I practically didn’t work during the two weeks following the flood. I got back to work on the third week of January, I think, but it wasn’t a full-time slot yet. I was still worried that the flood will happen again because the dam wasn’t fixed yet. But when the reality of the pandemic hit, I began to worry about something else, my job. Freelancing online is new to me, and I don’t know what to expect at all. Buzz words like unprecendented, unusual, and high unemployment haunt me since the beginning of all this.

Worrying about being a part of the statistics is not healthy. I decided to pile on and observe the pool in my work field. The worries began to decrease when I saw the behaviour of my clients and the job feed in Upwork. Up until June 2020, it shows no slowing down on the job posting feed—I kept on seeing new job posted there. There was a slow flow of workload within the agency I’m working with. So then, I decided to use my Upwork Connects and submit proposals to prospective new clients.

I managed to secure several new short-term contracts in Upwork. It’s a great variation from the usual topic that I’m dealing with, so it’s always an upside. It takes a while for people to readjust and rearrange their methods of data gathering through interview. I’m guessing, especially students were waiting for new policy and news from their respective universities or schools.

It wasn’t until August when the avalanche of audio files came through one of my active contracts. By September, I realised that transcription has become necessary for people who need it. So far, I don’t see any shift happening in the transcription industry. Yes, the existence of AI is still looming over my head. But I also still believe that nothing beats the human ears, really. 

One thing I noticed is that the quality of audio files I received became much clearer and great to work with. I love it and enjoy it very much working with Zoom audio/video recordings. I also notice that I work a little bit faster because of the awesome audio qualities that I received.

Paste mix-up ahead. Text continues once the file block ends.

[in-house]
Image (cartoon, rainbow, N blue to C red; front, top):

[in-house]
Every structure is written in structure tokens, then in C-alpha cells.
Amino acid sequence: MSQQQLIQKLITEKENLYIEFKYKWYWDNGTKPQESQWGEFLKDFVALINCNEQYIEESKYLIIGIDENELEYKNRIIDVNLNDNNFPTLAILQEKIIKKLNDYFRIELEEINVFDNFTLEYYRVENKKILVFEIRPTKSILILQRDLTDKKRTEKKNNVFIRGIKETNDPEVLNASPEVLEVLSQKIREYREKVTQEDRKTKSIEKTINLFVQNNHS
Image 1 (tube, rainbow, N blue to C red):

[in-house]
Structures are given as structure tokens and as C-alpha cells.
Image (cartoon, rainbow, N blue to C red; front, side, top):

Dealing with the Burnout

Like millions of those working during this pandemic, I find it really hard to deal with symptoms of burnout because usually, I can go somewhere to relax. Currently, the options are the kitchen, the balcony, and the bed. The urges to complain and whine are palpable, believe me, you. But I can’t. It’s a pandemic. I can’t whine now.

I don’t easily get burnout at work, on or off the field. I thought that having been working from home since pre-pandemic won’t get me thinking about unnecessary things. But I was wrong. That thing called cabin fever, it’s real. If I am not sensible, I might have done something considered as unnecessary travelling, which can expose me or expose someone else to the disease. Nothing can be done about travelling at this moment, so I’ll try to let it go.

As a continuation of the painful wrists story that led me to write about tips on keeping your hands healthy while transcribing. I’m happy to report that I no longer suffer from repetitive strain injury. I tried so hard to keep on track with the frequent breaks, the hot water soak sessions, and the wrist yoga. Since the pandemic hit, I can no longer have my massage therapist coming to the house. Plus, I heard she’s hunkering down at her hometown with her family until all of this is over.